The hiss and sparks from state-of-the-art welding technology in a converted labat Mt. Pleasant High School could easily be mistaken for one of Maury County’s many successful manufacturing operations.
The recently converted garage is a training ground and the center of the high school’s ongoing effort to give students a jump-start at a successful career.
The space is equipped with the latest Flux-cored welding rigs, as well as a plasma-cutter that acts as a super-charged CNC router.
Launched two years ago, the high school’s welding program held in partnership with the Tennessee College of Applied Technology offers students an opportunity to graduate high school with a certification in basic welding, preparing them for further education in the field or to be hired directly out of high school by local industry leaders.
On Wednesday, school district leaders, community members and industry partners gathered to celebrate the program’s continued support and expansion thanks to a $10,000 contribution made last year by the Columbia-based BMC Metalworks.
The funds directly supported the school’s purchase of additional equipment and training resources, including a plasma cutter and the construction of four metal booths allowing students to safely weld in close proximity to one another.
The program continues as the industry forecasts the need for 400,000 new welders by 2023 and more than 6 million employees by 2030 across the U.S.
“We see this as a pipeline to our business and the industry,” said Jimmy Phillips, the president and owner of BMC Metalworks. “We are struggling to find qualified, skilled trade employees. We could grow our business with the addition of these kinds of programs. We are always needing more skilled trade employees.”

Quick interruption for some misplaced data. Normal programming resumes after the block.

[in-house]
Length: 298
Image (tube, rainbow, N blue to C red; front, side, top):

BMC Metalworks, established in 1974 in Columbia, is a full service machining, press repair and fabrication company. Its field team provides 24-hour emergency service to manufacturers across the country.
The company also maintains an active welding shop that is capable of working with most steels and alloys.
BMC says it offers the most popular welding services, including tack welding, spot welding and overlay or build-up welding using a variety of welding practices.
Over the past decade, BMC has grown to more than 50 employees and has continued to expand its service footprint to include all of North America.
“We feel like partnerships in the community are extremely important, and we are a fan of public education,” Phillips said. “This trade skill relationship and partnership with the industry will benefit both the school and certainly our industry. That is one of the driving factors. We had a vision, but to be honest, we had no idea that it was going to be this comprehensive. We wrote a small check, and it has worked out for all of us.
“If we can start the kids early on in these skilled-trade programs that is going to benefit us. It gives us a chance to work with the schools.”
The project is one of several cross-campus collaborative projects that embody the school’s STEAM initiative combining science, technology, engineering, the arts and mathematics.
Other projects underway at the school include the construction of a tiny home, a splash pad for the city and a new media arts lab that now serves as a studio for school’s new television network.
Emma Kate Chapman, a 17-year-old senior at Mt. Pleasant, is one of 15 students taking the welding course which falls under the academic discipline of advanced manufacturing.
“This gives me plenty of opportunities, and there are plenty of opportunities out there to make good money,” Chapman said. “We have a good time out here, and we learn a lot. My families does welding, so I get to see this at home and here. It is a hot and stinky job, but it is fun. It is like a head-start. I can go through BMC, and they will give me a job; and it helps you get on your feet, so you are not lost.”
Chapman said she is considering pursuing the career in the future but also has her eyes set on a career in radiology.
William Cothran, a fellow senior and classmate, plans to get a full certification in welding and a business degree, so he can run his own welding business.
“This really gets us into it,” Cothran said. “It is something different. It gives me a skill that I can use in my life. It makes it a reality, something I can do in life and allows me to get feedback from people, who are working in the field.”
Tony Grooms instructs the welding program at Mt. Pleasant along with the schools’ agriculture courses.